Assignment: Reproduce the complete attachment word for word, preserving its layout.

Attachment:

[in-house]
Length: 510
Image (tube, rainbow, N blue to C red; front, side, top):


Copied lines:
[in-house]
Length: 510
Image (tube, rainbow, N blue to C red; front, side, top):